Satu: The core activity of universities is research and development, but I think that industry partners were a bit weary of the bureaucracy which these projects entail. That is also why it was important to have these universities at the core of the country clusters to help the companies with the bureaucracy and to take the load off reporting away from companies as much as possible.
I: Of course, so they can focus on the development and implementation of the project.
Satu: Exactly, yes
I: Returning back to you. You said that the project is your brainchild and that it is personally very important to you. Why do you think, on a broader scale, the project is important and what is its ultimate goal?
Satu: It goes without saying that climate change is an issue, along with other environmental issues such as diminishing availability of sand and gravel in some locations. I think that now there’s a consensus in the construction sector that there’s need for change in the way how we’re building. Many European countries are even introducing legislation that requires low-carbon building – and not just with regards to the energy in operation. It is starting to be realized in the construction sector that manufacturing the materials for construction is also carbon intensive and that reusing building parts such as precast concrete helps to reduce that embodied carbon because in that case you don’t need to produce new material as you can just harvest existing elements from buildings that have been slated for demolition, which presents huge potential to cut embodied emissions as professor Mettke’s research has shown, and that’s the reason why we should look into reuse as concrete is used widely and is very carbon intensive as its a heavy material.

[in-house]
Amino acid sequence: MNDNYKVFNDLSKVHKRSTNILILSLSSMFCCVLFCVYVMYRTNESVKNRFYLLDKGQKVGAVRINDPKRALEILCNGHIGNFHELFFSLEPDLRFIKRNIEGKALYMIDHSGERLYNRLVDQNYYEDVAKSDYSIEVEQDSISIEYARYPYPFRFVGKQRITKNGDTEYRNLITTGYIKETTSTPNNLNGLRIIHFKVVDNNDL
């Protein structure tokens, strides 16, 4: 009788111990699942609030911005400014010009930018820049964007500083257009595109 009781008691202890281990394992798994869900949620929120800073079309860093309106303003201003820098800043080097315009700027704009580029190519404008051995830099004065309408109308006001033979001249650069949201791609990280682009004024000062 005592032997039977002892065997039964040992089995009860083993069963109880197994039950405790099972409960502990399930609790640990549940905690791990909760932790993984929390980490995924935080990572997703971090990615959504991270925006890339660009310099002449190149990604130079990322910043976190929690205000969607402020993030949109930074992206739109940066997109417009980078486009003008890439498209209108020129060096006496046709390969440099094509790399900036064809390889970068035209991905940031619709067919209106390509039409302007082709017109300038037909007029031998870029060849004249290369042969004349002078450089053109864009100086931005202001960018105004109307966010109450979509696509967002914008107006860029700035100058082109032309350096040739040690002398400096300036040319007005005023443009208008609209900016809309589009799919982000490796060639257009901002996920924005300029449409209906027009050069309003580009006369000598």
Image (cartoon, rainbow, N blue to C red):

I: You’ve mentioned the potential for the reduction of greenhouse gasses and the depletion of raw materials. Do you have any other aspects of the project that you personally find most exciting and compelling?
Satu: I’d say its the multidisciplinary approach that we have. It’s fantastic that we have all these experts in their respective fields, which includes practical experts of the industry partners. The fact that we have these pilot buildings is also really important as I found through my own research that we have reached the limit on what we can do alone as researchers without actually trying it in practice. Since now we have these pilot buildings, our experts can really put their thought into it and what can become reality eventually – not just in the construction aspect, but also in business, the environmental impact, the social impact and how work is changing, what are the architectural implications are, what it means for logistics and digitalization. Seeing all these experts work together is really inspirational for me as I feel that we’re really making a step forward with reuse thanks to all of their expertise.
I: There’s no lack of exciting aspects to the project, but its sheer scope and complexity surely brings some sort of challenges with it. In your view, what is the most challenging aspect of ReCreate?